Permanent bank staff are the subject matter experts who have the depth of knowledge on existing systems, so engage with them upfront, highlight the objectives and the benefits of transformation to the wider bank. Upskill them in required technologies and bring them along the transformation journey to promote the growth mindset and remove any resistance to change.

The incumbent team will have the expertise in the current system and technology but may sometimes lack experience in delivering modern architecture solutions. Ensure the right partners, who have vested interest, are engaged to develop the target architecture, and execute the programme.

Modernisation approach

Defining the best approach for modernisation is a critical decision and there is no one-size fits all approach as every bank’s business needs, capabilities, risk appetite and current technology landscape are different. Key factors that influence the buy vs build approach are:

  • The underlying infrastructure and technology currency – are they still supported and is it sustainable to run the systems on these technologies in the long run?
  • The nature of existing systems – is this an in-house build using legacy technology or a third-party product that still offers upgrade opportunity?
  • The risk appetite of the bank – determines how aggressive the bank wants to progress with the transformation.
  • The technology expertise – does the incumbent team have the necessary skill sets on the technologies required to build and run the new system?
  • The business strategy and expectations – does the business need advanced capabilities, market-leading products, and innovative features in the new system?

Customer accounts migration strategy

Core banking systems are at the heart of the bank and cannot afford the luxury of downtime as they need to be available to apply credits and debits and maintain balances throughout the migration.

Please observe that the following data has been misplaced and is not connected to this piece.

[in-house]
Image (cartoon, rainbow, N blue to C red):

One retail bank who divested from a major UK bank in the past has suffered a significant outage after the account migration affecting the majority of their customer base. Considering this, it is generally recommended to avoid a ‘big bang’ migration and instead consider incremental implementations with minimal disruption to the BAU operations. There are two broad approaches:

  • New system: Implementing a new system in parallel, with its own channels and interfaces offering innovative products and features for new customers; migrating the existing accounts on to the new system, once this is well established.
  • Shared system: A new or enhanced back-end system using the existing channels and interfaces with incremental migrations of accounts to the enhanced system.

Regardless of the approach, the incremental migrations could be based on a number of different parameters such as business lines (retail, corporate), product types (savings, current accounts, loans), or customer types (high value, low value).

Decommissioning legacy system

Last but not least, many banks who migrated accounts from one system to another still have their legacy systems running, either because of some complex products and functionalities which were harder to migrate, or due to other operational complexities that were not fully understood.

Performing a gap analysis and understanding the challenges upfront helps create a clear plan of action to address them. Consider write-offs, account closures and recreations, manual migrations for those residual accounts that could not be migrated. If the legacy systems are not fully decommissioned, not only does the total cost of ownership increase but also the overall complexity of the IT landscape. As a result, this restricts realisation of many of the business outcomes.


These are some of the key considerations but there are several others in driving such a complex core banking transformation programme. This may seem a highly challenging task, but regardless of where you are in the transformation journey, we believe we can help you navigate the journey successfully. We have the capabilities, expertise and a well-established architecture practice to develop a core banking target blueprint and put forward the right transformation approach and design optimal solutions for your transformation.

Babukumar Valaguruvan